“She’s ready to turn over that crown,” Jeff says with a chuckle.
In the past they’ve had magic shows as well as demonstrations on how to make arrowheads out of rocks.
“We try to have things that appeal to a wide audience,” Amy says.
The dancing, however, is the high point for most people. The Powwow features a number of different dance styles including Men’s Grass (the oldest of the surviving tribal dances), Jingle Dress Dance, Chicken Dance, the Native American Gourd Dance, Lady’s Southern Cloth, and Men’s Fancy or Feather (a fast-paced dance that tests personal stamina). Many other dance styles are featured as well. Those who attend the National Powwow can join in the dancing but are not required to.
“Even if you don’t dance, you can still share in the culture,” says Amy, who describes the event like a family reunion of sorts.
“I see these people peppered throughout the country, but this is on everyone’s calendar to be here at this event,” Jeff says. “It’s powerful having us all come together at one dance. Every year I’m energized and I leave with a great feeling of community, friendship and fellowship.”
Vendors will sell jewelry, leather, paintings, sculptures, Pendleton blankets, and raw goods like beads.
Art Tate, a military vet, has attended eight of the previous 17 National Powwows.
“Each one has made a positive and permanent mark on me,” says Tate, who has served as a head man dancer at National Powwow Four, and subsequently as the program coordinator and chairperson at nationals.
“National Powwow is uniquely special, and always leaves me with amazing memories of good times with my family, close friends and acquaintances throughout the United States,” Tate says. “As soon as the gates are closed at one National, I’m looking forward to the next.”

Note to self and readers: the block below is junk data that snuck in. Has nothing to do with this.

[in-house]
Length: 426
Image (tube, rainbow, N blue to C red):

Jeff notes that the National Powwow is all about honoring our veterans. In fact, there is a veterans song played, during which veterans are invited to dance in the arena whether they are dressed in uniform or not.
“You put your life on the line for this country,” Jeff says. “We want to honor you.”
This is the fourth time the National Powwow has taken place in Danville. The Hendricks County Fairgrounds is the perfect facility to hold it for many reasons. For starters, it’s covered, so there’s no need to worry about inclement weather. There’s also plenty of indoor space for classes and competitions, as well as outdoor space for camping and teepees. In addition, Indiana often provides pleasantly cool nights. Plus, it stays light until around 9 p.m.
“We feel we’ve found a home in Danville,” Jeff says. “It fits all of our needs, so if it’s not broke, don’t fix it. Let the good times roll!”
The National Powwow will take place July 6 through 9. Gates open at 8 a.m. and close at 10:30 p.m. The Hendricks County Fairgrounds are located at 1900 East Main Street in Danville. For more information, call 317-718-6154 or visit nationalpowwow.com.